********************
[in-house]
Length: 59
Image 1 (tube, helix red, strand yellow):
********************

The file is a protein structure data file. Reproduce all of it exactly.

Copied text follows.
[in-house]
Length: 59
Image 1 (tube, helix red, strand yellow):